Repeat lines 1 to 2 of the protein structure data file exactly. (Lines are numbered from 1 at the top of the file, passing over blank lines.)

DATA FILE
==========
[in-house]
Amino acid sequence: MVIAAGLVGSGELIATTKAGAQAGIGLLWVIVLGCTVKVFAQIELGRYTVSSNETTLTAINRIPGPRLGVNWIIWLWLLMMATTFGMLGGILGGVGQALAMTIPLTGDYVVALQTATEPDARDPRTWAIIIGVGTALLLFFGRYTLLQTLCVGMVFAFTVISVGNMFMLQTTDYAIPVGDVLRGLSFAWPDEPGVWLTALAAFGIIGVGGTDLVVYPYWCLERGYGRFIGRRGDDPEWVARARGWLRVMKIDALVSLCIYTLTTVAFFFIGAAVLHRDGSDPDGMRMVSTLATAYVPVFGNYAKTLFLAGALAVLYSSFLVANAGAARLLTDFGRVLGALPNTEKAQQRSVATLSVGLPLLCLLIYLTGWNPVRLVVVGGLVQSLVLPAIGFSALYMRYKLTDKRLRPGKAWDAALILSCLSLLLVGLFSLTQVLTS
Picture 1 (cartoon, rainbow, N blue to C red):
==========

[in-house]
Amino acid sequence: MVIAAGLVGSGELIATTKAGAQAGIGLLWVIVLGCTVKVFAQIELGRYTVSSNETTLTAINRIPGPRLGVNWIIWLWLLMMATTFGMLGGILGGVGQALAMTIPLTGDYVVALQTATEPDARDPRTWAIIIGVGTALLLFFGRYTLLQTLCVGMVFAFTVISVGNMFMLQTTDYAIPVGDVLRGLSFAWPDEPGVWLTALAAFGIIGVGGTDLVVYPYWCLERGYGRFIGRRGDDPEWVARARGWLRVMKIDALVSLCIYTLTTVAFFFIGAAVLHRDGSDPDGMRMVSTLATAYVPVFGNYAKTLFLAGALAVLYSSFLVANAGAARLLTDFGRVLGALPNTEKAQQRSVATLSVGLPLLCLLIYLTGWNPVRLVVVGGLVQSLVLPAIGFSALYMRYKLTDKRLRPGKAWDAALILSCLSLLLVGLFSLTQVLTS